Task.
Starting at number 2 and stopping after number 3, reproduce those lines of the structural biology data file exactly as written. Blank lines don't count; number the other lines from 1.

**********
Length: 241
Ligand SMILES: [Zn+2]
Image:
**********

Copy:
Ligand SMILES: [Zn+2]
Image: